The British inventor Fox Talbot produced his first successful photographic images in 1834, without a camera, by placing objects onto paper brushed with light-sensitive silver chloride, which he then exposed to sunlight. By 1840, Talbot had succeeded in producing photogenic drawings in a camera, with short exposures yielding an invisible or ‘latent’ image that could be developed to produce a usable negative. This made his process a practical tool for subjects such as portraiture and was patented as the calotype in 1841. The calotype shown here is from 1842. Talbot’s negative-positive process formed the basis of almost all photography on paper up to the digital age.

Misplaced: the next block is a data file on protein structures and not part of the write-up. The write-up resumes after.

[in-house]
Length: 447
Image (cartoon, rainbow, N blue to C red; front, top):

the combination of operations by which a positive image is obtained from a negative. The positive process consists of exposing the material, such as photographic paper, a positive film, or diapositive plate, and processing it with photographic chemicals. The emulsions used in this process, whether for motion-picture or still photography, are less sensitive to light and more contrasty than those of negatives; moreover, the emulsions of black-and-white materials usually have not been color-sensitized.